High Times in the Granite Belt
Nestled in one of Australia’s most elevated wine-growing regions with unspoilt landscapes in every direction, the Granite Belt is a double-threat of great wine and the pristine outdoors.
When you speak of winemaking and Queensland in the same breath, it can sometimes raise a metaphorical eyebrow among people. After all, the Sunshine State is synonymous with varying tropical climes: many suppose this vast, hot segment of Australia is incapable of growing vines. But how wrong they are.
The Granite Belt has been a long-time favourite for winter escapes and summer sojourns for those in Brisbane and nearby Gold Coast – yet the word is slowly getting out further afield. The area has a striking backdrop conveyed best by its granite boulder-strewn national parks, quirky contemporary cellar doors, and vast, star-filled night skies. At the northernmost part of the New England Tablelands, the region sits in and around 1,000m of elevation, with the town of Stanthorpe considered the epicentre and neighbouring Ballandean a hub around which most wineries and vineyards find themselves today.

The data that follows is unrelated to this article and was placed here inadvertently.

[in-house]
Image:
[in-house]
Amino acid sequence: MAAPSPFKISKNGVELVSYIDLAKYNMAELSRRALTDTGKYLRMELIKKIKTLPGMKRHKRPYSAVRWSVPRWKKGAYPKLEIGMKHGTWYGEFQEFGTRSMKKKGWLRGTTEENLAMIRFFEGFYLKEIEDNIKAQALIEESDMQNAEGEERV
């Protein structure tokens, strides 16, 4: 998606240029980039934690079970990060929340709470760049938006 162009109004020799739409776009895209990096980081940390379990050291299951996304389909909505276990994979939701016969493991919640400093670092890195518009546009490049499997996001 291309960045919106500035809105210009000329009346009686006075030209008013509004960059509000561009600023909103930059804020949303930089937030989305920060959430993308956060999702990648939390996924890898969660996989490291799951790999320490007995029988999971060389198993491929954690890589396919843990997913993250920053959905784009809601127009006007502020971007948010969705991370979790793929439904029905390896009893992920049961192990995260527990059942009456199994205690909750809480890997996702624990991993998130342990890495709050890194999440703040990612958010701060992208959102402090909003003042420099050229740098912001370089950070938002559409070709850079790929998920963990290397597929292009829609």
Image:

The area is sprawling, and for the exploratory-minded, there is plenty to see, do and taste around this southern extremity of Queensland – a destination where top-quality wineries illuminate depths of varietal character and winemaking nuance around nearly every corner.
Even with frequent parallels drawn to the Rhône Valley, France, it often comes as a surprise to learn that the Granite Belt is classed as a cool wine-growing region. Still, this doesn’t stop the conditions from being unusual; defined by sub-zero winter nights, spring frosts, and high temperatures moderated by sub-tropical monsoon influences. However, overall, altitude keeps winemaking possible here.
For a long time, there has been a decent reputation for Shiraz, Cabernet Sauvignon, Merlot, and Chardonnay. These varieties remain, but intrepid, curious growers mitigating extreme weather patterns and seeking the next best drop have sought to widen their horizons with extensive plantings of Verdelho, Viognier, Sangiovese and Saperavi. They have admiringly become known as the “strange bird” varieties amongst resident growers – a moniker only earnt if they represent 1% or less of Australia’s vines.